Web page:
D.C. lawmaker says police should not have guns

D.C. Councilman David Grosso would like it if fewer guns were in the city, police included. (Photo: Michael Key/Washington Blade)

D.C. Councilman David Grosso (I) would like it if fewer guns were in the city, police included. (Photo: Michael Key/Washington Blade)

Since making news recently for passing the strictest concealed carry handgun law in the country, a Washington D.C. city council member is drawing flak after contending that District police shouldn’t have guns either.

On Wednesday, D.C. Councilman David Grosso, an Independent, told a public oversight hearing on the controversial practice known as “stop and frisk” held at the Howard School of Business about his feelings on firearms in the nation’s capital.

“My staff won’t let me tell you that I think we oughta get rid of guns in the city and that police shouldn’t have guns so I’m not gonna tell you that,” Grosso said to some applause from the audience.

The councilman at large, who took office last year, later clarified those remarks Thursday in an interview with the Washington Post.

While Grosso says he has no plans to introduce legislation to disarm the entire 4,000-officer Washington Metro Police Department, he would like to see fewer numbers of armed law enforcement on the city’s streets. He directly mentioned that many police forces overseas do not have armed officers, a sentiment that was echoed by fellow D.C. Councilman Tommy Wells at Wednesday’s hearing.

“When you have a gun, it changes the dynamic completely. If we had a police force that could be trained to de-escalate situations without a gun like in other countries, I think we’d be in a better place,” said Grosso. “Call me a radical, but I’m trying to change things in our city.”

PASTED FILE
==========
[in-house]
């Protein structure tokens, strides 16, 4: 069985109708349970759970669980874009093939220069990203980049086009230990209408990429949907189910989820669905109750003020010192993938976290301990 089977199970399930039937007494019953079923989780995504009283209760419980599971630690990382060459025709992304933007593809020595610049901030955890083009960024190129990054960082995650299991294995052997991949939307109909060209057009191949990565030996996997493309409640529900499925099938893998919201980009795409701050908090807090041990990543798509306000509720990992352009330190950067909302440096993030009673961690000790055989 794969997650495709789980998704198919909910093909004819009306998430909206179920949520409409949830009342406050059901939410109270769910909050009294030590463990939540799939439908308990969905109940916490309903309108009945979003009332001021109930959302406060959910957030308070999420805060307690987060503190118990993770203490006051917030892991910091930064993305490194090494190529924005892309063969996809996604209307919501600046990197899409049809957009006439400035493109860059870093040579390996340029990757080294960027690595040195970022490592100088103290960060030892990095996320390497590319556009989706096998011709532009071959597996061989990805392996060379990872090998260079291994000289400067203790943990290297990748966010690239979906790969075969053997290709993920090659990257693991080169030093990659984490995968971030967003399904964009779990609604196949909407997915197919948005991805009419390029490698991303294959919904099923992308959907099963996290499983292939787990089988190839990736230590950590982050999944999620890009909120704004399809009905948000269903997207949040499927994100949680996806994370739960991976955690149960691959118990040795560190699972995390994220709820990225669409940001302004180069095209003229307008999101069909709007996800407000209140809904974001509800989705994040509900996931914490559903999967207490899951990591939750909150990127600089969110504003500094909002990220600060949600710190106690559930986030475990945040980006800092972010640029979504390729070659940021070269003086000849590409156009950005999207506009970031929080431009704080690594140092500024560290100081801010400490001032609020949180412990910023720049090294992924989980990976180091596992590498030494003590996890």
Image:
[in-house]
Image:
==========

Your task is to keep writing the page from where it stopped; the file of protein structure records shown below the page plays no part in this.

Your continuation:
Grosso further elaborated to the Blaze that he didn’t necessarily mean that all police should be disarmed, just that perhaps two or three out of twenty should have guns, saying the city, which suffered 84 homicides in 2013, “doesn’t have an overwhelming number of situations where the police need to have a gun in order to de-escalate the situation.”

Although MPD has not officially responded to Grosso’s comments this week, others have.

Delroy Burton, chair of the D.C. police union told media that Grosso is “living in a fantasy land.” Burton contends that among the first responders to the Washington Naval Yard shootings last year were Metro police who would have been useless if they were unarmed.

The shooter in that situation, Aaron Alexis, was fatally shot by MPD officer Dorian DeSantis, recently honored for his actions that day.

In addition to the police union’s comments and negative posts on his social media accounts, Grasso’s idea was also ridiculed by WPFW-FM talk show host Deborah Simmons as threatening to turn the city’s officers into, “sitting ducks.”

Grosso, along with the other 12 members of the city council, voted unanimously last week to adopt one of the strictest concealed carry laws in the nation Tuesday, calling for 16 hours of training, “good reason” be proven for consideration, and a host of other restrictions.

The measure, outlined in a 21-page bill, comes in an effort to comply with a federal court order that struck down the District of Columbia’s ban on civilian use of handguns outside of the home.

Metro Police Chief Cathy Lanier is due to speak at the second round of hearings on Oct. 27.